< Reveal sidebar

British Airways tails at Heathrow Airport. (Photo: AirlineGeeks | James Dinsdale)

U.K. and EU Agreement Awaits Ratification for Post-Brexit Aviation Operations

On Christmas Eve the United Kingdom of Great Britain and Northern Ireland (U.K.) and the European Union (EU) announced that an agreement had been reached on future trade and cooperation. The agreement is because of the U.K. leaving the EU on Jan. 31 this year and the transition period of abiding by EU laws ending on 31 December. The agreement would avoid a ‘No Deal Brexit’ which would affect current regulations in place between the two parties but is still to be ratified by the U.K. parliament and the 27 EU member states.

For aviation the agreement if ratified would provide some continuity of operation from 1 January 2021. There had been concern within the industry that a worst-case scenario ‘No Deal Brexit’ would further disrupt the industry at a time when the CoVid-19 pandemic has severely affected the aviation industry throughout the world. This has been particularly evident in recent days with the identification of a variant strain of the virus within the U.K. resulting in over 50 countries shutting their borders to U.K. citizens and some nations halting commercial air services to the four nations of the U.K.

Aviation occupies 25 of the 1246 pages of the Trade and Cooperation Agreement on sections such as route schedules, traffic rights and aviation security. Airline ownership is fully defined within the agreement and to be considered a U.K. or EU airline a carrier must fulfill clear criteria of majority ownership. For U.K. carriers a summary of the criteria requires that the airline is “effectively controlled by the United Kingdom, its nationals, or both,” has its principal place of business in the territory of the United Kingdom;” and “holds an air operator certificate issued by the competent authority of the United Kingdom.”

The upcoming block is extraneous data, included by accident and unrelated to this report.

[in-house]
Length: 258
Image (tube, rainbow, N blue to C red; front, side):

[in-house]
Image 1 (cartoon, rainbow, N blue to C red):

With the agreement being released on Christmas Eve some of the detail and its effect on the industry is still to be clarified by the U.K. Civil Aviation Authority (CAA). The only press release from the CAA on Christmas Eve is in relation to Santa Claus being authorized to use drones to deliver presents on Christmas Day. Of particular interest to U.K. and EU commercial pilots, cabin crew and engineers will be how licensing arrangements will be administered from Jan. 1 2021.

On the CAA’s microsite dedicated to the end of the U.K. – EU transition period the authority has placed the following statement:

“The UK-EU trade deal announced on 24 December 2020, includes agreements on air transport and aviation safety which are due to come into effect at 23.00 GMT on 31 December 2020 when the UK ceases to take part in the EU Aviation Safety Agency (EASA) and other EU institutions.

While the agreements involve some elements of continuity, they do not constitute a replication of the UK’s regulatory arrangements as part of the EASA/EU framework. Many sections of the aviation and aerospace industries will face changes after 31 December, as this microsite sets out.

We will study the detail of the new agreements and will update relevant pages of the microsite as information becomes clearer about how the new arrangements will work in practice.”

John Flett
John Flett
Related Stories

Leaked Wizz Air Meeting Highlights Company’s Apparent Pilot Redundancy Culture

An audio recording of an online meeting held in April 2020 has supposedly revealed how low-cost carrier Wizz Air decided…

LATAM Brasil to Phase Out A350-900 Fleet by Next Week

Still responding to the short- and long-term effects of the COVID-19 pandemic on international air travel, LATAM Airlines Brasil, Brazil's…

JetBlue Plans to Reshape Transatlantic Travel with London Service

JetBlue has announced its plans to change the transatlantic market when it begins its London service later this year. The…